Using Organization-Wide Defaults in salesforce

Organization-Wide Defaults in Salesforce decides whether you you you want to have open organization, where all data is visible and editable by everyone (or) any data needs to be restricted from being viewed or edited by certain users. The first step is to make sure the organization-wide defaults in Salesforce settings are set to private.

Salesforce allows us to set a baseline for a restricted user. It defines what the user should access, and what he should not. This baseline is also referred to as Organization-Wide Default or OWD. By enforcing the baseline, OWD restricts user access. In that case, access can be granted through some other modes, such as rules sharing, role hierarchy, etc. We can also say that OWD specifies the default level access for users in the org. The permissions set on the object determine the default level of access for the records associated with that object. OWD modifies the permissions on the object, for those records which are not owned by any user. The shared setting can be set org-wide specifically for each type of the object.  However, an important point to note here is that the OWD cannot increase the level of access for the user, from what they have from the object permission.

Organization-Wide Defaults in Salesforce Access

Organization-Wide Defaults in salesforce allows users to adjust settings on any object-by-object basis. The following org-wide-defaults are available for standard and custom objects.

There are five levels of access:

  • Public Read/Write/Transfer: This is only available for two specific objects, leads, and users.
  • Public Read/Write: All users can view, edit, and report on all records. However, this is possible only if they have the object’s permission.
  • Public Read/Only: In this kind of access, all the users can view and report on records, but can’t edit them. Only the owner, and other users who are assigned with a role in the hierarchy, will have permission to edit them.
  • Private: in this kind of access, except the record owner, and users above that role in the hierarchy, no one else can view, edit, and report on those records.
  • Controlled by parent: This is the setting in objects that are a detail/child in a master/detail relationship. It means the child object inherits the org-wide default of the parent object.

Determining the OWD for the ORG

This is a key decision-making exercise, and to determine the OWD, you need to consider certain factors.

  • First, determine who is the user of the concerned object or the object in question (where OWD will be applicable).
  • Any instance of this object should be restricted from a certain user or group of users, for viewing.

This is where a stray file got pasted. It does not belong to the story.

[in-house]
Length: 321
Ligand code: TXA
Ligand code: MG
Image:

• Any instance of this object should be restricted from a certain user or group of users, for editing.

We can consider this as a flow diagram like we generally implement for decision making. We can develop a flow diagram based on the factors mentioned. A probable flow diagram is shown below.

SF25A

How to setup Organization-Wide Defaults in Salesforce?

  1. Login to Salesforce, and then go to setup.
  2. Go to the Quick Find box, and then look for “Sharing Settings”.
  3. Click on the edit option, in the OWD area. You will find the standard objects listed on this page. Beside every object, you will find a checkbox with the option “Grant Access Using Hierarchies”. This will disable the default access, controlled by the parent.
  4. Under the default access column, you can set the OWD for each of the objects. You can set any of the four levels of access, that have been described in the last section.
Organization-Wide Defaults in salesforce

Exceptions to OWD

Exceptions to OWD can be implemented with the help of the sharing rules. Sharing rules can extend access to users in roles, public groups, or territories. It enables greater access by implementing automatic exceptions to OWD settings. Sharing rules can override the OWD settings, by enabling a greater level of access to specified users. The sharing rule can be based on any criteria such as record ownership. You can specify which records can be shared, and which cannot be. You can specify, who can have access to the record. It could be a user or a group. Salesforce allows to create up to 300 sharing rules for an object. Some of the common types of sharing rules created for exceptions to OWD are:

  • Account Sharing Rules
  • Account Territory Sharing Rules
  • Asset Sharing Rules
  • Campaign Sharing Rules
  • Case Sharing Rules
  • Contact Sharing Rules
  • Custom Object Sharing Rules
  • Data Privacy Sharing Rules
  • Knowledge Article Sharing Rules
  • Flow Interview Sharing Rules
  • Lead Sharing Rules
  • Location Sharing Rules
  • Opportunity Sharing Rules
  • Order Sharing Rules
  • Product Item Sharing Rules
  • Product Request Sharing Rules
  • Product Transfer Sharing Rules
  • Service Contract Sharing Rules
  • User Sharing Rules
  • Work Order Sharing Rules
  • Work Type Sharing Rules

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